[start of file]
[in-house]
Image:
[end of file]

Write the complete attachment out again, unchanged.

[in-house]
Image: